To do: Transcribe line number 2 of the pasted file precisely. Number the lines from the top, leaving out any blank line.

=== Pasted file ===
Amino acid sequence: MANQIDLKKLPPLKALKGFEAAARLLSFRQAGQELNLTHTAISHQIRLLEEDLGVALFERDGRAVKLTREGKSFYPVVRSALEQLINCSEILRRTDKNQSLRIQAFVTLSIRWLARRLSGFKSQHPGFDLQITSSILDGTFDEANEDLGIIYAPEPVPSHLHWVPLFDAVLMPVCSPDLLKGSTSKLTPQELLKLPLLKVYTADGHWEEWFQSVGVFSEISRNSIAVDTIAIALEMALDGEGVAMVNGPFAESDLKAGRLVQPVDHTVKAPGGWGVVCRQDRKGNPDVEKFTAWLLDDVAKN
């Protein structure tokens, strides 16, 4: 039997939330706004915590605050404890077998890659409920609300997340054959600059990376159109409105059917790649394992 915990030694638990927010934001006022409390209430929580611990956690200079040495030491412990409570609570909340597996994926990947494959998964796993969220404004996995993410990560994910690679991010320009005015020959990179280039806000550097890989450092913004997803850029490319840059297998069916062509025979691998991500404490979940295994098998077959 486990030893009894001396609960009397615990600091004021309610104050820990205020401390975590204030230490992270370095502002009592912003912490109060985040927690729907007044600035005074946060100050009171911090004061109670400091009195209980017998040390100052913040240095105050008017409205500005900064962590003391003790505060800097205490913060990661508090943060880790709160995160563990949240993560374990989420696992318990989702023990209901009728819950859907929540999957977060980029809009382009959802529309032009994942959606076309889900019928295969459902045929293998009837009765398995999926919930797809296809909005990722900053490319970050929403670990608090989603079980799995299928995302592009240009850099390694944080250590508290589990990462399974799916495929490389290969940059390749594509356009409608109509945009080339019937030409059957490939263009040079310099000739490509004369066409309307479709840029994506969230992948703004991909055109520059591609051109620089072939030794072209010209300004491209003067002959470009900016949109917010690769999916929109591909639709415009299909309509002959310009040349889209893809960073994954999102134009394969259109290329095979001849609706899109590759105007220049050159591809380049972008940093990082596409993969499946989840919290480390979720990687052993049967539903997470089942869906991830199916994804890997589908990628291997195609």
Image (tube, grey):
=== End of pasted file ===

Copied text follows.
């Protein structure tokens, strides 16, 4: 039997939330706004915590605050404890077998890659409920609300997340054959600059990376159109409105059917790649394992 915990030694638990927010934001006022409390209430929580611990956690200079040495030491412990409570609570909340597996994926990947494959998964796993969220404004996995993410990560994910690679991010320009005015020959990179280039806000550097890989450092913004997803850029490319840059297998069916062509025979691998991500404490979940295994098998077959 486990030893009894001396609960009397615990600091004021309610104050820990205020401390975590204030230490992270370095502002009592912003912490109060985040927690729907007044600035005074946060100050009171911090004061109670400091009195209980017998040390100052913040240095105050008017409205500005900064962590003391003790505060800097205490913060990661508090943060880790709160995160563990949240993560374990989420696992318990989702023990209901009728819950859907929540999957977060980029809009382009959802529309032009994942959606076309889900019928295969459902045929293998009837009765398995999926919930797809296809909005990722900053490319970050929403670990608090989603079980799995299928995302592009240009850099390694944080250590508290589990990462399974799916495929490389290969940059390749594509356009409608109509945009080339019937030409059957490939263009040079310099000739490509004369066409309307479709840029994506969230992948703004991909055109520059591609051109620089072939030794072209010209300004491209003067002959470009900016949109917010690769999916929109591909639709415009299909309509002959310009040349889209893809960073994954999102134009394969259109290329095979001849609706899109590759105007220049050159591809380049972008940093990082596409993969499946989840919290480390979720990687052993049967539903997470089942869906991830199916994804890997589908990628291997195609």